ROBENHYMER: Arizona State University’s Johnny Walker is Taking the Road Less Travelled, Hopefully to the NHL
At 18-years-old, Johnny Walker was struggling to find success in the North American Hockey League.
Five years later, he’s one of the best offensive producers in college hockey with 68 points in 70 games, including 44 goals, putting the 23-year-old junior squarely on the radar of NHL scouts as a potential free agent signing at the end of the season.
It’s an opportunity that might never have happened without some tough love from his coaches.
The Scottsdale native was starting his second season in the North American Hockey League when Arizona State University surprised the college hockey world and announced that they were going to launch a Division I men’s hockey program. Walker couldn’t reach for his phone fast enough to ask his coach if he knew how to get in touch with ASU head coach Greg Powers.
“I didn’t think about it for even a second. It was automatic,” Walker said emphatically. “I wanted to be a Sun Devil. There was no doubt in my mind.”
But as far as Powers was concerned, there was a lot of doubt that Walker would even play college hockey, let alone for Arizona State.
“We liked the idea of having a local guy on the team, but we also weren’t interested in giving roster spots away because of that. We needed guys who were committed to playing at a high level and could lay a really good foundation for the level of success we expect from our program and, quite frankly, we didn’t know if Johnny fit that description.”
At the time, he was 6-foot-1, just shy of 230 pounds and slow as molasses on his skates.
“He asked to meet with me and when I sat down with him; I was like look, if you took your shirt off and I took mine off, I’d look better than you and I’m 20 years older and don’t play hockey. It’s not supposed to be that way,” the coach explained. “He needed to get in shape and show us that he was serious about being a college hockey player before we’d even think about giving him a roster spot, nevermind a scholarship.”
Walker left that meeting determined to lose the weight, get stronger, faster and in better shape so he could earn the opportunity to be a Sun Devil.
“Yeah… I was pretty big and needed to work on my conditioning quite a bit,” he admitted. “I also needed to be a lot more disciplined with what I ate. That was my biggest issue. I was willing to go hard in the gym and put in the work on the ice, but I just ate whatever I wanted and wasn’t looking at food as fuel for my body and it showed. I was really out of shape.”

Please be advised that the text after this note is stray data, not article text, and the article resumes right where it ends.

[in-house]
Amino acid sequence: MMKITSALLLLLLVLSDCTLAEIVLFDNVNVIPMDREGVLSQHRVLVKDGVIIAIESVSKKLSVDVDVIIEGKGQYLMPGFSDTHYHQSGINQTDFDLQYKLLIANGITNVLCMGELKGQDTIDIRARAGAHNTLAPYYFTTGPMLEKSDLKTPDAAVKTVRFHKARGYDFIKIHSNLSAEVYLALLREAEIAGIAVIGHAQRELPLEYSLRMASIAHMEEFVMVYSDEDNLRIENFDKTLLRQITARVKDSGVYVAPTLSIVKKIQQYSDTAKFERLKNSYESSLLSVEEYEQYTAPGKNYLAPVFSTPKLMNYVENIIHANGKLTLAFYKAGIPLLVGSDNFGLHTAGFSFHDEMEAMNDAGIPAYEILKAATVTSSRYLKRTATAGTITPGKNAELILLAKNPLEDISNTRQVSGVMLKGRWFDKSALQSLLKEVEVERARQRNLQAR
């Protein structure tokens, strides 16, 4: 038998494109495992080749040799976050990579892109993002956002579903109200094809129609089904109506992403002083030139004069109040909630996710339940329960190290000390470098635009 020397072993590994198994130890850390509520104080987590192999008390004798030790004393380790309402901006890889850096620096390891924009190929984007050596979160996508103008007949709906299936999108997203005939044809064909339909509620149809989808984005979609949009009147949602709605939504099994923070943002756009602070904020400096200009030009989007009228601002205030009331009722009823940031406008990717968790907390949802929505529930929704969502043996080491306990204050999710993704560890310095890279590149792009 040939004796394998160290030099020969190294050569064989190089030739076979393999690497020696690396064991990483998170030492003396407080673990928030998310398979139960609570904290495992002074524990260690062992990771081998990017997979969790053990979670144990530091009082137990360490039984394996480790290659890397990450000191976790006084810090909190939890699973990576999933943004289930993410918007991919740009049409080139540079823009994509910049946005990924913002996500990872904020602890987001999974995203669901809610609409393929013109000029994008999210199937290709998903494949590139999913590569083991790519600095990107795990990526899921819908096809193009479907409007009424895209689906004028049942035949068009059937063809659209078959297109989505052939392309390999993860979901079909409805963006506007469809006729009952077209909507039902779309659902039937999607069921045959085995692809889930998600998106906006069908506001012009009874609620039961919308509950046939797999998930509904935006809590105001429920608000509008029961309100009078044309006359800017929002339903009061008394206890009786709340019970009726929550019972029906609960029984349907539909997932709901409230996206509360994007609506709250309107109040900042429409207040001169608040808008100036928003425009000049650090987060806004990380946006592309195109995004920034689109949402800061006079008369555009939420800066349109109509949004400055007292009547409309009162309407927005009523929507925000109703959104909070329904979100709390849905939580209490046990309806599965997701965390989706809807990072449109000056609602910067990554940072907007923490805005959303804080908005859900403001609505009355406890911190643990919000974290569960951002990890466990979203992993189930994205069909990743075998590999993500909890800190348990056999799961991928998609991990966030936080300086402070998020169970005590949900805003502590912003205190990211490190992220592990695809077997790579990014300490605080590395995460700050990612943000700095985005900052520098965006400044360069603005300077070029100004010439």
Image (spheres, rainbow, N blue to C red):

By the next season, Walker had lost ten pounds and, after being drafted by the Chicago Steel of the USHL that spring, went into training camp ready to impress, but instead, he got another heavy dose of reality.
“When it came time to make the team and earn a spot, they sent me to the NAHL,” Walker explained. “It was a huge slap to the face and big wake up call for me to get my act together because I definitely thought I should have made the team skill-wise. I was right there, but, once again, the issue was my conditioning. I had gotten better, but it wasn’t enough.
“Coach Dan Muse flat out told me I was out of shape and he wasn’t playing me. I knew right then that I needed to figure it out ASAP because I was 19 and wanted to play college hockey, not men’s league.”
After being a point per game player in the NAHL that season, Walker had been offered a scholarship at ASU and the Steel drafted him once again, this time with their first-round selection, 11th overall.
“I knew the two most important people — my coaches — believed in me and thought I was on the right track. Arizona State wouldn’t have made me an offer and Chicago wouldn’t have drafted me so high if they didn’t believe in me and that gave me a lot of confidence that if I could just drop some more weight and get in better shape that I could really have a chance to do something,” Walker said. “But that’s when Coach Muse gave it to me straight. He said, ‘If you’re not 190 by the start of training camp, don’t even show up.’
“It was a big dose of tough love and I can’t thank him enough. He saved my hockey career. He said I was a great player, but that I wasn’t going to play anywhere like that and he was right. So, I worked really hard that summer. Really hard. I was determined not to let this opportunity pass me by.”